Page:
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consequence
used in Anne Of Green Gables

6 uses
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Definition
a result of something (often an undesired side effect)
  • Anne's consequent humiliation was less than it might have been, however, in view of the concert and the spare-room bed.
    Chapter 19 — A Concert a Catastrophe and a Confession (30% in)
  • Marilla had something to tell Anne, but she did not tell it just then for she knew if she did Anne's consequent excitement would lift her clear out of the region of such material matters as appetite or dinner.
    Chapter 18 — Anne to the Rescue (76% in)
  • Finally, Charlie Sloane fought Moody Spurgeon MacPherson, because Moody Spurgeon had said that Anne Shirley put on airs about her recitations, and Moody Spurgeon was "licked"; consequently Moody Spurgeon's sister, Ella May, would not "speak" to Anne Shirley all the rest of the winter.
    Chapter 26 — The Story Club Is Formed (16% in)
  • Consequently, when Marilla entered her kitchen and found the fire black out, with no sign of Anne anywhere, she felt justly disappointed and irritated.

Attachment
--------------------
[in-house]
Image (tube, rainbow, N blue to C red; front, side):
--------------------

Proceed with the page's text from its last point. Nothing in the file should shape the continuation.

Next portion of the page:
Chapter 27 — Vanity and Vexation of Spirit (10% in)
  • Anne had amused her, and consequently stood high in the old lady's good graces.
    Chapter 29 — An Epoch in Anne's Life (86% in)
  • Jane was smiling and happy; examinations were over and she was comfortably sure she had made a pass at least; further considerations troubled Jane not at all; she had no soaring ambitions and consequently was not affected with the unrest attendant thereon.
    Chapter 36 — The Glory and the Dream (4% in)

There are no more uses of "consequence" in Anne Of Green Gables.

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